Special domestic circumstances are where:

  • the veteran has a psychological or mental health condition recognised by DVA and
  • there was an unsafe or abusive domestic environment in respect of you or your family prior to separation and
  • you and the veteran live apart and in separate residences.

An unsafe or abusive domestic environment means there was conduct, whether actual or threatened, by the veteran that caused you and/or your children to fear for your personal well-being or safety.

For information about consideration under special domestic circumstances, please contact a DVA office.

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If you were married to a veteran from whom you have separated and you enter into another relationship, you immediately lose your eligibility for a partner service pension. You will need to find alternative income support or apply to Centrelink for a pension unless you enter into a new relationship with another eligible veteran. In this instance you may again be eligible for a partner service pension and should contact a DVA office.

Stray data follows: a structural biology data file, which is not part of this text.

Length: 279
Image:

If you are married to a veteran and divorce, you immediately lose your eligibility for a partner service pension. You will need to apply to Centrelink for a pension.

If you are a widow or widower of a veteran (but not a war widow or widower) and you remarry or enter a de facto relationship, you immediately lose your eligibility for a partner service pension. You will need to find alternative income support or apply to Centrelink for a pension.

If you are in a de facto relationship

If you are in a de facto relationship and live with your partner you can be paid the couples rate.